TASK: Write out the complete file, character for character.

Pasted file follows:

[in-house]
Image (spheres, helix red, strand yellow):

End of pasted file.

[in-house]
Image (spheres, helix red, strand yellow):